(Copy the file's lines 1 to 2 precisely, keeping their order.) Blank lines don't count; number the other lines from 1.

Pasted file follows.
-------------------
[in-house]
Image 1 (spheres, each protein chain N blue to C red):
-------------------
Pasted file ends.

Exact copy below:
[in-house]
Image 1 (spheres, each protein chain N blue to C red):